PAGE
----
The iPod may evoke images of a teeny bopping 13 year old listening to John Mayer, a 25 year old hipster in Brooklyn, or simply a serious runner who enjoys listening to music on long runs. But one image that probably doesn’t automatically jump into people’s minds is that of an iPod being used on the battlefield.
The US Military has long used iPods to help with Arabic translation during interrogations, and just recently we reported that a group of US Army tech heads recently visited Apple headquarters to take a tour of Apple’s top secret development labs. It turns out, though, that the US is not the only warring force interested in using Apple products on the battlefield.
ZDNet Australia is reporting that Taliban forces in Afghanistan are successfully using the iPhone to help stay one step ahead of attacking forces.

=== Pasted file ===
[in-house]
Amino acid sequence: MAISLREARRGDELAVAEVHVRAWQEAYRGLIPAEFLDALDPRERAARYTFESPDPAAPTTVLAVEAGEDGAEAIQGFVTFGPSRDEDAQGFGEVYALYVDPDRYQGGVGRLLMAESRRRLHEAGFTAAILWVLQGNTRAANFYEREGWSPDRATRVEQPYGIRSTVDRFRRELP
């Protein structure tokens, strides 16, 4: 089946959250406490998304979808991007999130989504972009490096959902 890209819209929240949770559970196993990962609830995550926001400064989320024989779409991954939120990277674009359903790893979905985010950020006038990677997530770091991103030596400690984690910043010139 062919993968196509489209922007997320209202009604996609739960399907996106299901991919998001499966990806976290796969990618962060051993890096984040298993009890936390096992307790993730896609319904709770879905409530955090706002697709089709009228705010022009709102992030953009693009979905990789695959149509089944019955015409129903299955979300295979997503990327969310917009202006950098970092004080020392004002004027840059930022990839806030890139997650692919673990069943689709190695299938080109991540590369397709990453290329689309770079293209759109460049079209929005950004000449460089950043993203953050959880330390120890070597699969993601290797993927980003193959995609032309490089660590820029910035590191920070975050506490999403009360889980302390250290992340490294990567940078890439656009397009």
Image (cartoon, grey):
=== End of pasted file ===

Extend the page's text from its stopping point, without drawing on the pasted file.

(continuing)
At the Australian Computer Society (ACS) Canberra Branch conference this morning, [CTO Matt] Yannopoilos said “bad guys” in the war-torn country were making better use of available data by “using iPhones and applications — and multiple SIM cards — and going much faster than we are”, despite the fact that Defence had more intelligence at its fingertips.
“Information is what is the thing to sort out in a modern warfare,” he said. “It’s less about how much lead [metal] you can rain down on somebody and more about: Do you know where they are? Do you know what they are doing? And how do you get that information to your forces?”
Streamlining, folks. Streamlining.